Greengirls Helen Yarmoska, Nicole Hvidsten, Martha Buns, Connie Nelson, Kim Palmer and Mary Jane Smetanka are dishin' the dirt from the back-yard garden and beyond. Whether you're a greenthumb or greenhorn, they're eager to learn from your mishaps, mistakes - and most importantly, your sweet successes - all growing season long.

Mayhem in the garden

Posted by: Nicole Hvidsten under Vegetables, Weekend chores Updated: August 9, 2013 - 10:43 AM

Let's face it -- with vacations, camps, activities, reunions and now school on the horizon, summer gets out of control. And when you're feeling like life is out of control, chances are the garden isn't far behind.

From a distance, my garden looks amazing: The plants are big, green and lush. But get a little closer and you'll see that there's a turf war going on. The tomatoes grew bigger than I thought they would and now overshadow the banana peppers, which can barely get enough light to grow. (Yes, I've pruned my tomatoes, but they are unstoppable.)

On the other end, the cucumbers are taking on a life of their own by attaching themselves to everything around them, already snuffing out a couple of bell pepper plants and a sunflower. The least they could do is bear fruit,

The tomatoes are all green in my garden.

The tomatoes are all green in my garden.

but that hasn't happened yet either.

On the fruit side of the garden, a cantelope plant is trailing nicely on a trellis, but has spilled out onto the lawn and is infringing on the strawberries. And everyone knows that strawberries are the definition of mayhem.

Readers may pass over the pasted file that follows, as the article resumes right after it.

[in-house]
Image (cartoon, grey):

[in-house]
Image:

Much of this I attribute to novice mistakes:

1. I overplanted. I always figured that the spacing requirements were just guidelines, and since I never had enough faith in my gardening abilities, figured more was always better. Not the case.

2. I didn't make my garden big enough. I didn't want to bite off more than I can chew. Turns out I can chew more than I thought I could.

3. I didn't do my homework. I should have read up on what I wanted to plant and where I should plant them. I went with my heart, and that's never a good idea. I also need to learn how to take care of the plants beyond the basics, and troubleshoot issues like why are my canteloupe leaves are turning white.

4. Thinning really is important. Pulling carrots should be interesting -- they might be braided at this point.

There are so many things to learn, but there are some things going right: there's not a weed to be found in my garden, and I walked back to the house yesterday munching on grape tomatoes that tasted like sunshine.

What are lessons that you've learned along the way?

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